Although it is several weeks gone now, I am finally getting around to writing about Rappahannock Cellars, who was the gracious host for the inaugural TechAdventureDC event. Followers of Twitter, Flickr, Facebook and other social media platforms have probably already seen and read all that they need to about the event from the social media and techie perspective. I will add my three sentence write-up of the event from that point of view, then move onto the wine: It was a great way to continue online conversations offline and actually meet people face-to-face. I enjoyed receiving all of the positive feedback about the blog, and was surprised by how many people actually read it! It was a great way to get out of the city for a day, spending time in a beautiful setting, eating great food, listening to music in a barn and drinking some very good Virginia wines.
The winery was started by California transplants who moved to Virginia over a dozen years ago to start a family winery in the foothills of the Blue Ridge Mountains. As a member winery of the Blue Ridge Wine Way, and a winery that produces over 8,000 cases of wine a year, Rappahannock Cellars is now one of the bigger wineries in Virginia. Despite the many challenges that growing wine in Virginia has compared to California, the owners, winemakers, vine-growers, along with everyone else involved in the production of their wines seems to welcome the challenge. The ultimate payoff, of course, is what ultimatly flows out of the bottle.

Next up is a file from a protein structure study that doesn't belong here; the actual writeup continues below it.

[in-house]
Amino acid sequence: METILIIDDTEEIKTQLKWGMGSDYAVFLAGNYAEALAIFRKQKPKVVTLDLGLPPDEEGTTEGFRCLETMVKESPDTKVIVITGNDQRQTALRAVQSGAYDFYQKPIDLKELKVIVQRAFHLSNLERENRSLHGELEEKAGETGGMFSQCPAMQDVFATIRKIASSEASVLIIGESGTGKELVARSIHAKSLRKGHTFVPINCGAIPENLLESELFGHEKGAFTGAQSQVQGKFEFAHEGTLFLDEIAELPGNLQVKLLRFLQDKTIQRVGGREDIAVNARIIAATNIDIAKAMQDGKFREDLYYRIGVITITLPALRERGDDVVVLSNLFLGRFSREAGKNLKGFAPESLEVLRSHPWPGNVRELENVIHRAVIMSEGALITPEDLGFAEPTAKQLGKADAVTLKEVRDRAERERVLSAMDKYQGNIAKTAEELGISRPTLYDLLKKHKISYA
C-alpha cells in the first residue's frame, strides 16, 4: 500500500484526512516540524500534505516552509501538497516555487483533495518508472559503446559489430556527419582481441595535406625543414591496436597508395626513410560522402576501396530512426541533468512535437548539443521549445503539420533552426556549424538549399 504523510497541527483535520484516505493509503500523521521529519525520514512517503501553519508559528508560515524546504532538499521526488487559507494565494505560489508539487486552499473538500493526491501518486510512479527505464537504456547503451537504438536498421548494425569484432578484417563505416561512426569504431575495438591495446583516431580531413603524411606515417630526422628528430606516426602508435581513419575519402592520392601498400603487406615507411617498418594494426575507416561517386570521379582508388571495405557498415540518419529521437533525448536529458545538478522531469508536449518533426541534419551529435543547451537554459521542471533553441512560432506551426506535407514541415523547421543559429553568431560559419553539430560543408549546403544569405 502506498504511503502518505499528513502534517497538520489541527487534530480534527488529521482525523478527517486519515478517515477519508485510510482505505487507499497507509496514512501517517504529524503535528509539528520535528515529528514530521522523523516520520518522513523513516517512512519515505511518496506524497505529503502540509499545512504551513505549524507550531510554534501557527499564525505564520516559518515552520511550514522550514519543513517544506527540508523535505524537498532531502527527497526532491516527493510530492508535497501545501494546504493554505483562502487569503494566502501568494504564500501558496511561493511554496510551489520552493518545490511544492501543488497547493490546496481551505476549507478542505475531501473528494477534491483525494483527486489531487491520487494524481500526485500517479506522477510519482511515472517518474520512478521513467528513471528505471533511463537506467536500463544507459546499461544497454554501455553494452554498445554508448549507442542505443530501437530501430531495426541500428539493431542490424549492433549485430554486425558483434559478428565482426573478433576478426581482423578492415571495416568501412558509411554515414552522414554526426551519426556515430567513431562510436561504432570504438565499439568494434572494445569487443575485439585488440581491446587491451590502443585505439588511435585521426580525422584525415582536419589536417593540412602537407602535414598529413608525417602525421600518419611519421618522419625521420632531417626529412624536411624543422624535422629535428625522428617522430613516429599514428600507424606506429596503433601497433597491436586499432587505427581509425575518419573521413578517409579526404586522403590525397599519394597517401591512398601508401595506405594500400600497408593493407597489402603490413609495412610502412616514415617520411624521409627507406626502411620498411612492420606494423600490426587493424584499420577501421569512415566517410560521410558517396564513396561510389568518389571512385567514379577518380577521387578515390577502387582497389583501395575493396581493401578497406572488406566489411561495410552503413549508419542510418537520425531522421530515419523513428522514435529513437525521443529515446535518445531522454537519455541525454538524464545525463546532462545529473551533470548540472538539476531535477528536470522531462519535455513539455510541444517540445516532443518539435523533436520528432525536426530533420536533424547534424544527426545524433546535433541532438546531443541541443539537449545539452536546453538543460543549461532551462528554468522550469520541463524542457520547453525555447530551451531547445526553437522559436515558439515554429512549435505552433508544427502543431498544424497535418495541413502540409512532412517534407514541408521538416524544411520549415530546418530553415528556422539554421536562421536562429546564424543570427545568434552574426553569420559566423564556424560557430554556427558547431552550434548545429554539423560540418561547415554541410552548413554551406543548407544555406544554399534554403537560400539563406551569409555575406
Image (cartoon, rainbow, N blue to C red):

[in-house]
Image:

During the tour of the vineyard, we were told that chardonnay does not grow well in Virginia, though they devote some acreage to it. From what I tried, I would agree that it is not the best white that they make, but their 2008 Noblesse Viognier was quite good, with a nice, dry blend of citrus and mineral flavors throughout the body and a rich, golden color.
Like chardonnay, Virginia is not known for its cabernet sauvignon. Rappahannock makes a drinkable one, however. It is not, by any means the thick, full-bodied wine that California has become famous for producing, but it serves as a good table wine that is more that able to accompany red meats, cheese and even pasta dishes. A better red that they produce is their 2007 Cabernet Franc. Perhaps cabernet franc just grows better in Virginia, or maybe I just know what to expect with Virginia cabernet franc, but I enjoyed it more likely because the cab franc had the subtle taste of peanut butter and jelly in the finish.
I found their dessert wines way too sweet and thick, with jumbled, muddled tastes that didn’t really offer anything too distinctive. The best way I could describe their 2007 Red Dessert Wine is like diluting a jar of jam with water and letting it ferment. Not my favorite, but many people on the trip enjoyed it - further reinforcing the fact that every palate is different, everybody likes and looks for different things in wine, and all tasting recommendations should be viewed as guideposts more than anything else.
Overall, a big thank you goes out to the organizers of TechAdventureDC and to Rappahannock Cellars. I would strongly encourage you to take a trip out to the winery, spend a day tasting what they have to offer and exploring their grounds. You will leave happy, with some very good bottles of Virgina wine.